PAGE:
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Fighting Over the Founders: How We Remember the American Revolution, by Andrew M. Schocket (New York University Press, 2015)

What It's About

Fighting Over the Founders examines the ongoing clash over the meaning of the American Revolution. Schocket sorts the camps into "essentialists," who view the Founders as visionary "demigods," creators of  "a legacy from which straying would be treason"; and "organicists," who "believe that  Americans are ever in the process of trying to complete a Revolution that the founders left unfinished." He then details how this tug-of-war over our national origin story plays out in politics, entertainment, academia, and institutions such as museums.

Target D.C. Audience

Historians, speechwriters, museum curators, tour guides, documentarians, constitutional law experts, dog-whistle decoders, plus self-reflective tea-party activists and anyone else who might claim the mantle of the Founders. 

Best Line

"Let's not fight, they suggest, let's share the nation's founding symbols. But I think that we should continue to debate the nation's origins. At least the American Revolution gives us a common set of characters, settings, and events. That civic vocabulary allows for debate through a rhetorical shorthand. The point in a democracy is not for us to agree on everything. But we can have discussions if at least we're speaking the same conceptual language."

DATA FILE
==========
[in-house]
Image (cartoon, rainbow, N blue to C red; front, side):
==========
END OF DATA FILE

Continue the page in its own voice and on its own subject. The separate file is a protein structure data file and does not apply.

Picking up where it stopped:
To Be Sure

Schocket is forthright about his liberal bias, so it is not surprising that he tends to be more critical of essentialism, the view he argues conservatives are more likely to hold, than he is of organicism, a perspective he says is more commonly found on the left. 

One Level Deeper

The book's first chapter is a veritable glossary of founding-era quotes and how they've been used on the stump by members of both parties. This could be a valuable tool for speechwriters. As Schocket notes, "Quoting the founders represents a strong rhetorical gambit, reflecting the assumption that no one can gainsay Jefferson on the meaning of the Declaration of Independence." Journalists and others looking to decode the rhetoric might also find it useful. 

Among the more telling revelations: Republicans have used the phrase "Founding Fathers" four times as often as their Democratic counterparts since 1968, while Democrats have overwhelmingly stuck to "a more perfect union" and "created equal" when echoing the founding generation.

The Big Takeaway

 The American Revolution isn't the national unifier it might seem to be—and you can learn a lot about someone's politics by how they think and talk about it. 

This article is from the archive of our partner National Journal.

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